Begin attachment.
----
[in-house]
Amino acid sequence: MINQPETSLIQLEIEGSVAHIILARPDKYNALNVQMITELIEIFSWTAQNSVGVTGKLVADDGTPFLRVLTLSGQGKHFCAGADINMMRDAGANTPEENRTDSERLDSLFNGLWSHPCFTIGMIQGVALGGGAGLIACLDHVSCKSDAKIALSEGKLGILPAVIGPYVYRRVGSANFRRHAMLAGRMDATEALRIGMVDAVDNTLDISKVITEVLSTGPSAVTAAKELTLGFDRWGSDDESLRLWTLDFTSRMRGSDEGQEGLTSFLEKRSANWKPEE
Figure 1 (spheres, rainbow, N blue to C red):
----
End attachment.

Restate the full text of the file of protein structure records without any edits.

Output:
[in-house]
Amino acid sequence: MINQPETSLIQLEIEGSVAHIILARPDKYNALNVQMITELIEIFSWTAQNSVGVTGKLVADDGTPFLRVLTLSGQGKHFCAGADINMMRDAGANTPEENRTDSERLDSLFNGLWSHPCFTIGMIQGVALGGGAGLIACLDHVSCKSDAKIALSEGKLGILPAVIGPYVYRRVGSANFRRHAMLAGRMDATEALRIGMVDAVDNTLDISKVITEVLSTGPSAVTAAKELTLGFDRWGSDDESLRLWTLDFTSRMRGSDEGQEGLTSFLEKRSANWKPEE
Figure 1 (spheres, rainbow, N blue to C red):